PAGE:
Berry Bros & Rudd
Gordon & MacPhail
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Greenbar Distillery today announced the launch of SLOW HAND Six Woods whiskey into nation-wide distribution. The 11-year-old craft distillery, which specializes in full-flavor spirits and bitters, has been tinkering for the last five years with a technique to add more interesting flavors to whiskey without going beyond the confines of grain, wood and time. It thinks it’s ready now to introduce its unorthodox creation to a broader audience.
SLOW HAND Six Woods Malt starts out as a familiar, 100% barley malt whiskey. Where Greenbar makes a giant departure from the norm is in aging its whiskey. Since whiskey gets most of its flavor from wood, the company decided to broaden its whiskey’s flavor by using six different species of tree to age SLOW HAND. French white oak serves as the wood for the 1,000 and 2,000 gallon vats the whiskey sits in, while five other woods give it additional depth and complexity.
“Forests are full of delicious trees,” said Greenbar co-founder and spiritsmaker Melkon Khosrovian. “Just because all of them can’t be turned into leak-proof barrels doesn’t mean whiskey lovers should be denied their flavors. That would be like ice cream makers forcing everyone to eat only vanilla!”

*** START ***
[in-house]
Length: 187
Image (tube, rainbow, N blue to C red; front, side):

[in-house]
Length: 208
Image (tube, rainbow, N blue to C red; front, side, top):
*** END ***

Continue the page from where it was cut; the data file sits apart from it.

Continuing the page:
To bring these new flavors into whiskey making, Khosrovian and his co-founder and wife Litty Mathew tested more than 30 wood species before settling on five whose flavors worked best with the familiar vanilla and spice of white oak. Hickory adds notes of plum while maple, mulberry, red oak and grape bring in hints of butterscotch, currants, clove and perfumed black tea, respectively. Greenbar buys its barrels from France and seasons and toasts large staves of the additional woods in house.
SLOW HAND Six Woods Malt and its rarer, fiercer sibling, Six Woods Cask, will start shipping to all fifty states this January. Suggested retail prices are $44.99 for the 84 proof 750ml bottle and $37.99 for the 115 proof 375ml cask strength.
LA-area whiskey lovers or visitors can tour Greenbar and see how the distillery makes SLOW HAND whiskey. Reservations are available at greenbar.biz/tours.
More from the Guys at Rogue!
It’s a proud day for us at Rolling Thunder Barrel Works. Head Cooper Nate Lindquist just finished Barrel #100, and our distiller Jake filled it with Dead Guy Whiskey to begin aging the spirit.
Cooper Nate Lindquist and Rolling Thunder Barrel #100.
Reaching #100 is milestone for us, but it’s also important because it represents lots of hard work. Nate assembles, raises, toasts, hoops, crozes, hoops again, cauterizes, sands and brands each barrel – one at time. Most of the tools he uses are so old they could be museum pieces.
It took us 11 months to reach barrel #100. One of the big barrel factories out East can churn out that many barrels in just a few hours. But we didn’t start Rolling Thunder Barrel Works to be fast and efficient. We dedicated ourselves to reviving the slow traditions of artisan coopering, to craft our barrels by hand, using Oregon White Oak sourced from the Oregon Coast…